A war is raging in the Middle East of which most Americans are unaware. The war is co-sponsored by America with Saudi Arabia taking point in the killing. Yemen is the theater of this war. According to a story by the Associated Press in November 2017, over 50,000 Yemeni children died of starvation or disease in 2017 as a result of this war, to say nothing of those blown up in airstrikes. Martin Cowen, Libertarian candidate for U.S. House of Representatives, GA District 13, opposes America’s undeclared war in Yemen (and all undeclared wars on principle).
Here is Yemen’s story.
Most Americans have never heard of Yemen. Most Americans do not know where Yemen is. Yemen is on the Arabian Peninsula south of Saudi Arabia and west of Oman. Yemen is bounded in the west by the Red Sea and on the south by the Gulf of Aden. There is a 20-mile-wide strait on the southwest corner of Yemen separating Yemen from Africa. The nearby African countries include Somalia and Ethiopia.
Some older Americans might remember the U.S.S. Cole incident in which the American ship was suicide bombed while dockside in the Port of Aden, Yemen, on October 12, 2000, killing 17 American sailors and injuring 39 others.
The Cole Incident provides insight into why Yemen is strategically important. The west coast and the south coast of Yemen are bounded respectively by the Red Sea and the Gulf of Aden. The north end of the Red Sea is the Gulf of Suez and the Suez Canal providing shipping access between the Mediterranean Sea and the Indian Ocean. All shipping must pass by Yemen’s west coast at the southern end of the Red Sea and pass through the Bab el Mandeb, the Gate of Tears, which is the 20-mile-wide strait at the southern end of the Red Sea. Also, at the north end of the Red Sea is the Gulf of Aqaba that borders Israel at the port of Eilat. The Gulf of Aqaba is also a border of Egypt, Saudi Arabia, and Jordan. Between the Gulf of Suez and the Gulf of Aqaba is the Sinai Peninsula, captured by Israel during the Six-Day War, June 5-10, 1967, and returned to Egypt by 1982 following the Camp David Accords in 1978.
Yemen has always been an important trade route between Africa and the rest of the world.
Yemen is number 171 (very poor) on the 2017 CIA list (of 198 countries from wealthiest to poorest) of the poorest countries in the world. Yemen is the poorest country in the Middle East. Saudi Arabia (Yemen’s northern neighbor) is, by contrast, 14 on the list (i.e. very rich) and Oman (Yemen’s eastern border) is 27. Qatar, another Middle Eastern country is 2, the next to the wealthiest country.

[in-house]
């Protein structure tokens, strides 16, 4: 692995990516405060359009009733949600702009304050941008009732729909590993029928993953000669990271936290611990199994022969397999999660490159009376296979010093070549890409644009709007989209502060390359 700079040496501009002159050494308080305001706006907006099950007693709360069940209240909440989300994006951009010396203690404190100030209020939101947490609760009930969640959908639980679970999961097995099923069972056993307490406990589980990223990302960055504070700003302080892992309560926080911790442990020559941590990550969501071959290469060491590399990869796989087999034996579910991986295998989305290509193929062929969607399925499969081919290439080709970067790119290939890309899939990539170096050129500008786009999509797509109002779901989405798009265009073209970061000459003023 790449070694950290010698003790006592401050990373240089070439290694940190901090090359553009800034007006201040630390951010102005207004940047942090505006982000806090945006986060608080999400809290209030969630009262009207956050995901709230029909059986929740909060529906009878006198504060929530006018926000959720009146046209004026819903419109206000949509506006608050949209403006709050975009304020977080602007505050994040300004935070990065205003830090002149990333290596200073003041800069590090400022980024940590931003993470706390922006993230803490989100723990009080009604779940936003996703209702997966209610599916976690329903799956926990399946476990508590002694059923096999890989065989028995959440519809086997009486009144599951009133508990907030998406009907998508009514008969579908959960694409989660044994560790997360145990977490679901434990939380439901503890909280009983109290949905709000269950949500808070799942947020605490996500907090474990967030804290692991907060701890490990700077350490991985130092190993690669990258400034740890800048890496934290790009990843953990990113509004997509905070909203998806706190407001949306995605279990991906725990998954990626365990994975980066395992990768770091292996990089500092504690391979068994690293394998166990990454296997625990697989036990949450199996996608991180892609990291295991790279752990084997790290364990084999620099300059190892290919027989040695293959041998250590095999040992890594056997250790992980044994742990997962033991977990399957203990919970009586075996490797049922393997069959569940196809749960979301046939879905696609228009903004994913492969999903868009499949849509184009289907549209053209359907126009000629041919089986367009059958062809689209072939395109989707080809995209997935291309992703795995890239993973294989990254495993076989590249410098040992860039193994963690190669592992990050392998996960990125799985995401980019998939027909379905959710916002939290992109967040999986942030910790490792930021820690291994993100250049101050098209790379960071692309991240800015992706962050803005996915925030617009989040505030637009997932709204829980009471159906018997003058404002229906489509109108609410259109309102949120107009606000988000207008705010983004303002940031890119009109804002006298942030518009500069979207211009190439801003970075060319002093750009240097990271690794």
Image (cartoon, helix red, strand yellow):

Yemen is poor because it does not have a tradition of property rights and the rule of law. The Yemeni regimes have been referred to as kleptocracies. The area is one of the oldest civilizations because of its strategic importance for trade. Many groups have battled for dominance over the centuries. The Queen of Sheba, of Biblical fame, who visited King Solomon (970-931 BCE), once ruled Yemen. (See 1 Kings 10:2).
Let us skip forward three millennia of warring to the near present.
In late 2014 to early 2015, a rebel group called the Houthis captured the capital of Yemen, Sana’a. President Hadi escaped to his home town of Aden on February 21, 2015. On March 19, 2015, major fighting broke out in Aden. With Houthis moving in on Aden on March 25, President Hadi left Yemen and escaped to the capital city of Saudi Arabia, Riyadh, on March 26, 2015.
Saudi Arabia began launching airstrikes in Yemen on March 25, 2018. America is providing aircraft refueling, intelligence and logistical support.
The extent of America’s involvement is difficult to determine because America wants no attention paid to this killing. The New York Times reported on May 3, 2018, in a piece entitled “Army Special Forces Secretly Help Saudis Combat Threat From Yemen Rebels”, that in 2017, the United States launched more than 130 airstrikes in Yemen, compared with 38 in 2016. The 2015 “Rice Memo” (named after National Security Advisor Susan E. Rice) declared that United Arab Emirates, Jordan, and Egypt support the Saudis in their war in Yemen.
The extent of the dead in the Yemeni War is likewise difficult to determine. An Associated Press story dated November 16, 2017, reports that 50,000 Yemeni children died of starvation and disease in 2017. The story goes on to report that 10,000 people have been killed and 3 million displaced. Quoting from the story: “The U.N. officials said more than 20 million people, including 11 million children, are in need of urgent assistance, with 7 million totally dependent on food assistance. The U.N. has called it the ‘worst humanitarian crisis in the world.’”
The rationales for the war (not true in my estimate) include these: (1) a part of the War on Terror; (2) a proxy war between Israel/US and Iran; and (3) a religious war between Sunnis (Saudi Arabia) and Shias (Iran). The reason for the war (true in my estimate) is the strategic importance of Yemen, including the Port of Aden, for world commerce. A lot of shipping transits the strait every day. If the Suez Canal is a measure, about 50 ships per day transit the Red Sea and the Bab el Mandeb.
In my opinion, in the absence of a Declaration of War by Congress pursuant to Article I, Section 8, America ought not to be killing 50,000 children per year in Yemen, even if the killing is by proxy. Were Martin Cowen in Congress, Martin Cowen would not declare war on Yemen.
Please note the important fact that your present Congressman has not shared this information with you.